Stander added, “New challenges are interacting in complex ways to create an ‘uncertainty complex’. Humanity’s biggest challenges – the climate and biodiversity crises, inequalities and political polarization – coupled with technological upheavals, are piling up and feeding off each other. This is happening at a speed and scale beyond anything we’ve ever experienced.
“The intersecting of uncertainties is resulting in devasting impacts on our deeply connected societies. The invasion of Ukraine has compounded the greatest cost-of-living-crisis in a generation and a looming food security crisis that is threatening hundreds of millions. The COVID-19 pandemic, beyond its damage to people’s health and mental wellbeing, has also devastated economies and exacerbated gender inequalities.”
But Kellett sees opportunity here, saying that it is up to the world and industry to define where this mission to enhance and build on global insurance risk protection now goes.
“there is opportunity in uncertainty,” Kellett said. “The growing mismatch between the world as it really is and conventional ways of understanding and doing things creates an opportunity to do something new. Where we go from here is up to us.”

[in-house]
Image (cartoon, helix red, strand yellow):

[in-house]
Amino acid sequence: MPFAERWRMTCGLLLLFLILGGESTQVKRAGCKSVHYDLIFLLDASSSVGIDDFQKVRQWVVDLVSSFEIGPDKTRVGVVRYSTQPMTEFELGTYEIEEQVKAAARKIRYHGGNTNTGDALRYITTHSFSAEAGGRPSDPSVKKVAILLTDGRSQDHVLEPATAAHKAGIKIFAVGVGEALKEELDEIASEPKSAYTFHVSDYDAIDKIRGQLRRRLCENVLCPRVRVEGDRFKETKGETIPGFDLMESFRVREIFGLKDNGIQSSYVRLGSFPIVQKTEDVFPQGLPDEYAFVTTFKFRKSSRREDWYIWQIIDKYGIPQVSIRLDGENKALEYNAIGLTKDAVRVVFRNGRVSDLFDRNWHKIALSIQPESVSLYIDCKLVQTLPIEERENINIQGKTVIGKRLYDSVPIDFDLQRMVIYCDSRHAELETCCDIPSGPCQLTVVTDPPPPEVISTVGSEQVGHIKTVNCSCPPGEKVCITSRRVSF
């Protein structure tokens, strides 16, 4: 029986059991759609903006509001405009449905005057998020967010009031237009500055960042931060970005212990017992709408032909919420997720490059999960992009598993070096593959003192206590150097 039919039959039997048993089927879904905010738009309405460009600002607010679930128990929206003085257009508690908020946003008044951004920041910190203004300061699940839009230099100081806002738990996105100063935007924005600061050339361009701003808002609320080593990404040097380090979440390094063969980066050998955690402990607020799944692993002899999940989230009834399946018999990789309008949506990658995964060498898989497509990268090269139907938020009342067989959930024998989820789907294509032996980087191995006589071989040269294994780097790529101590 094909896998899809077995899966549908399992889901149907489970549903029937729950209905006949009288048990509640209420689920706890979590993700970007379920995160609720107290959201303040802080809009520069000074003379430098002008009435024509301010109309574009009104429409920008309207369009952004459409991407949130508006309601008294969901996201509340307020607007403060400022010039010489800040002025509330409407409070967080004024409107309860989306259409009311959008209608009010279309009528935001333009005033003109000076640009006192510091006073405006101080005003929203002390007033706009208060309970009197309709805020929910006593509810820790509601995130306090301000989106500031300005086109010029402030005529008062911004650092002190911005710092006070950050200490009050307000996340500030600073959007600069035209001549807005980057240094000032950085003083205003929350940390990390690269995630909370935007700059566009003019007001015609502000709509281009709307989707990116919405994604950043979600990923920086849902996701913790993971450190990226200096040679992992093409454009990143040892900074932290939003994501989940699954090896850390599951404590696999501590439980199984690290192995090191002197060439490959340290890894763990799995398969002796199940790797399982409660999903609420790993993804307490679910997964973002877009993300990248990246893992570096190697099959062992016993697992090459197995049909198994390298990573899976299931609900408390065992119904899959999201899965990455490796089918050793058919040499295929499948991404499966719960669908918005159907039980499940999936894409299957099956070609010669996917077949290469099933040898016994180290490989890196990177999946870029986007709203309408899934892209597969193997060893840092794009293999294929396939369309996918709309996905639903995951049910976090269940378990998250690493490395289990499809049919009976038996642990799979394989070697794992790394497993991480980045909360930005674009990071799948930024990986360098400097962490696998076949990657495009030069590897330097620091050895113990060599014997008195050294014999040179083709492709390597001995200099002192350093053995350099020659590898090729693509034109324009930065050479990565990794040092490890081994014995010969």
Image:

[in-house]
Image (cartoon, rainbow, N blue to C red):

“Policies that focus on investment, insurance and innovation will enable people to thrive in the face of uncertainty. Investment to ease planetary pressures. Insurance to provide contingencies in a volatile world. Innovation — scientific, technological, economic, cultural — to respond to the unknown challenges that humanity will face,” Stander further explained.
But added that, “It is very hard for people to feel empowered and ready to navigate a future when they are worried about what might happen to their lives – whether losing a job, falling sick or having to deal with a flood, for example. Insurance can offer a psychological and financial safety net that helps people face uncertainty with confidence.”
The Insurance & Risk Finance Facility (IRFF) is a flagship initiative of the UNDP, designed to help finance the delivery of the Sustainable Development Goals.